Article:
Excessive sun exposure, especially with blistering sunburn episodes, is one of the major risk factors for the development of melanoma.
The incidence of melanoma has been increasing in fair-skinned people throughout the world for several decades. While melanoma accounts for only 4% of skin cancer cases, it causes about 80% of skin cancer deaths. It is therefore the most dangerous and lethal of all the skin cancers. South Africa has the second highest incidence after Australia. The average age of presentation is 50 years.
Melanoma is a malignant* skin cancer which arises from the uncontrolled growth of pigment cells. From the skin it can spread to the lymph glands or via the bloodstream to other organs such as the liver, lungs and bones (metastases). This is invariably fatal. It is therefore imperative to diagnose and treat melanoma as early as possible.
Melanoma occurs most often, but not exclusively, on sun-exposed skin. Excessive sun exposure, especially with blistering sunburn episodes, is one of the major risk factors for the development of melanoma.
Melanomas are usually brown-black or multicolored patches with irregular outlines, but they may be pink too. They may eventually crust and bleed. Think of them in terms of the ABCD rule:
A = Asymmetry Melanomas are often asymmetrical, whereas moles are generally symmetrical.
B = Border Melanomas frequently have irregular uneven borders with scallopededging. Benign* moles usually have smooth, even borders.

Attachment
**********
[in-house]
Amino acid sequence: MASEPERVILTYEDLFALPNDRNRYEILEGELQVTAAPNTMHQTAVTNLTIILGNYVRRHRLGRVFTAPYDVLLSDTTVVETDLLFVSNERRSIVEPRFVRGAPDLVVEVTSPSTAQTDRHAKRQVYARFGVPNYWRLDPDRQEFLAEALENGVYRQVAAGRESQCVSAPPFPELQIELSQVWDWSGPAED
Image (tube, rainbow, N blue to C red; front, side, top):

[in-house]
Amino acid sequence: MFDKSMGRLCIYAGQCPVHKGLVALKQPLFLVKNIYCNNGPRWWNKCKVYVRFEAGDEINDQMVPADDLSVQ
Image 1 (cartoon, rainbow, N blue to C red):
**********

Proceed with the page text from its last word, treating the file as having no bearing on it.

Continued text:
C = Colour Common moles are usually a single shade or shades of brown and black. Melanomas are often multicoloured, with multiple shades of brown, black, red, white, grey or blue.
D = Diameter Benign moles are usually (but not always) less than 6mm in diameter, whereas melanomas tend to be larger.
Be aware of any ABCD changes, and get to your dermatologist or general practitioner as soon as you notice any.
Remember that most people develop their moles before the age of 30. A sudden development of a new expanding, irregularly pigmented/ non-pigmented patch after the age of 30 should make the red lights flash.
The 10 golden rules
Atypical: The word “atypical” is often used to refer to the appearance of precancerous or cancerous cells.
Benign: Not harmful.
Dysplastic moles: Atypical moles that look different to common ordinary moles.
Malignant: Cancerous, with the ability to invade and destroy nearby tissue. Malignant tumours may spread (metastasise) to other parts of the body.